Drone boat attack Russia ship
Snap from footage of the Ukrainian USV hitting the Russian Ropucha class LST: Platform X.

On August 4, the Russian Merchant Tanker Sig was targeted and rendered inoperable by a suicide naval drone. The assault reportedly occurred near the Russian port of Novorossiysk, which is a central hub for Russian exports. A separate incident occurred on August 2, wherein an attempted attack on Russian patrol boats, likely accompanying the merchant vessel Sparta IV, was thwarted.

In the aftermath of these attacks, the UK Defense Ministry said the attacks illustrate that USVs are progressively becoming a significant aspect of contemporary naval warfare, capable of being directed at “the weakest links of Russia’s sea supply lanes.”

In October, Ukraine struck a Russian missile carrier and a patrol ship in two separate attacks using sea-borne drones carrying experimental weapons. Without going into specific details, a Ukrainian Intelligence source said the “Buyan” missile carrier and the “Pavel Derzhavin” missile carrier were attacked in days.

In a more recent development, Ukrainian sea drones struck and sank two ships belonging to Russia’s Black Sea Fleet (BSF) earlier this month. Ukraine released a video purportedly demonstrating two navy drone strikes against Russian BSF landing ships in a port on the Crimean peninsula. One of the strikes targeted a Serna-class ship, while the other was an older Ondatra-class vessel.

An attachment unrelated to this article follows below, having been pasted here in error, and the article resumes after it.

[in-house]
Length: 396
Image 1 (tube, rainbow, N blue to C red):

The attacks have not diminished Russia’s naval might in totality but have made it withdraw ships from where they may be attacked by Ukraine drone boats. Ukrainian officials maintain that these attacks are meant to deny Russia control of the Black Sea and regain control of vital shipping routes.

With Russia introducing a similar capability in the region, the edge the Ukrainian forces enjoy now may begin to blunt away.